Peasant leaders emerge to fight graft
Researcher finds farmers in Hunan making a stand against levies by local officials
A new generation of peasant leaders is emerging as villagers take a stand against corrupt government officials, new research suggests.
The finding comes in a report by Yu Jianrong, a researcher of the Chinese Academy of Social Sciences, who studied budding farm organisations in Hunan province for more than three years.
He found that many leaders had emerged out of escalating disputes over extortionate fees and taxes charged by local governments. Farmers were standing up for themselves and organising petitions against the levies.
But despite their troubles with grassroots officials, the report says that the peasant leaders view the central government as an ally.
'They generally believe that governments above the city level are still reliable. They are the family members and benefactors of farmers,' the report says.
'They perceive county governments and the lower level as the direct intruders on their interests. They are foes and enemies.'
Dr Yu said the leaders were better educated than the average farmer, and some of them were demobilised soldiers or migrant workers who had returned from cities. They usually had better access to information and a better understanding of government policies. The report said some of the leaders were viewed as heroes and martyrs by farmers, who believed they were fighting to implement the central government's policies at grassroots level. Many of the peasant leaders served time in jail after scuffles broke out between farmers and local officials.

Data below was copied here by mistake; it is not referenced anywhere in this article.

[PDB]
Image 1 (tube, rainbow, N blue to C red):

Dr Yu said it showed that peasants were taking an active role in politics. 'Farmers no longer limit themselves to supporting the party's policies and requesting the implementation of the policies. They take a step further to supervise the implementation of the policies and even work to interpret and publicise ... the central government's policies,' he said.
In return, the peasant leaders had gained the respect of local farmers, and there are signs that loose networks are forming among the leaders.
Local governments have made many attempts to crack down on such activities. Dr Yu found that some local governments hired local gangsters to intimidate the leaders. But he said it was unfair to label the leaders as conspirators or subversives because most of them were staunch supporters of government policies.
He said the growth of peasant leaders actually provided an opportunity for the government to fill the vacuum of an effective administrative body in the countryside because there was no organisation representing the interests of farmers.
There have been rising calls among mainland rural experts for the formation of farmers' associations and Dr Yu said letting things take their natural course and allowing the peasant leaders to fill this role was the best option.
But despite their support for the central government, Dr Yu warned that if leaders' activities were suppressed by the party, the farmers' representatives could become disillusioned and turn more radical.